This 2-year certification course conforms to the 2015 AHA Guidelines Update for CPR and ECC, and the 2015 AHA and ARC Guidelines Update for First Aid.

CPR classes are a great team building opportunity!

 

Call Now to speak with a Green Guard First Aid/CPR Specialist

Click Here to learn more about First Aid/CPR

Chat? Click on the “Live Chat” button

#cprreadytosavealife #cprteambuilding

 

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Head injury: Symptoms, concussion, and treatment

Knowing the symptoms of a concussion and some simple first aid can help people respond to a head injury quickly, reducing the chances of complications.

Head injuries range from a bump on the head to a skull fracture. Some head injuries are severe enough to cause brain damage or even death.

Types

Man holding head due to head injury

A head injury may present different symptoms.

There are a range of head injury types, and the injury can be more or less severe within each category.

traumatic brain injury (TBI) happens when the brain is damaged, usually because of an accident. A person may have a TBI if an object hits their head, or if an object penetrates the brain through the skull.

Some examples include a ball hitting the head at high speed, falling from a great height onto the head, or having a gunshot wound.

Violent shaking of the head can also cause a TBI, as the brain can bounce or twist in the skull. These cases are often related to whiplash.

A TBI damages the brain, usually causing a blood clot or bruising. A blood clot in the brain is known as an intracranial hematoma (ICH).

An ICH can be more or less severe depending on its size and location in the brain.

A concussion is a form of TBI that temporarily stops the brain from functioning normally. Symptoms of a concussion are not always serious or long-lasting but may cause complications.

The skull is made of very hard, thick bone designed to protect the brain from injuries. However, it is possible to break or fracture the skull with a hard impact.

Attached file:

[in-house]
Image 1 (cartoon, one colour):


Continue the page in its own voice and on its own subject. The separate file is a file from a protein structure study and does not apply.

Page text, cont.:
If the skull breaks and the bone or another object punctures the brain, a doctor will refer to the injury as an open head injury or penetrating head injury.

Symptoms

A head injury may present different symptoms depending on its severity.

Symptoms of a mild head injury include:

  • some bleeding
  • bruising
  • a mild headache
  • feeling sick or nauseated
  • mild dizziness

Symptoms of a moderate head injury include:

  • passing out for a short time
  • confusion or distraction
  • vomiting
  • a lasting headache
  • temporary changes in behavior
  • memory problems
  • loss of balance

Symptoms of a severe head injury include:

  • significant bleeding
  • passing out and not waking up
  • having a seizure
  • problems with vision, taste, or smell
  • difficulty staying alert or awake
  • clear fluid or blood coming out of the ears or nose
  • bruises behind the ears
  • weakness or numbness
  • difficulty speaking

Key symptoms of a concussion include:

  • confusion
  • a headache
  • dislike of noise or light
  • nausea
  • balance problems
  • blurred vision
  • feeling groggy
  • difficulty concentrating

Head injuries vs. minor bumps

A bump to the head is a common injury that does not usually cause serious problems. However, there is no clear point at which a doctor will class damage as a head injury.

It is usually possible to treat head injuries with mild or no symptoms at home. However, it is vital to know about the signs of a concussion and see a doctor if these develop.

When to see a doctor

Moderate and severe head injuries require immediate treatment. If the symptoms of a mild head injury last for more than 2 weeks, a person should also seek medical advice.

The symptoms of a concussion do not always appear immediately. Sometimes, a person may develop initial symptoms days or weeks after the injury.

People should always take head injuries seriously. If someone is concerned about their symptoms, even after a mild injury, they should speak to a doctor.

How do doctors diagnose a concussion?

A doctor will ask how the injury happened and about a person’s medical history. They will also look carefully at the head, face, and neck.

Concussions can often cause mental confusion. A doctor may ask questions or do tests to check a person’s memory, concentration, or problem-solving ability.

They may also use the Glasgow coma scale to diagnose a concussion. Doctors will examine and rate the following:

  • ability to open their eyes
  • ability to communicate